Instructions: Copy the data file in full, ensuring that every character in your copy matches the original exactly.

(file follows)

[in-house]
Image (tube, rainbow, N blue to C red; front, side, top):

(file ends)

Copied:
[in-house]
Image (tube, rainbow, N blue to C red; front, side, top):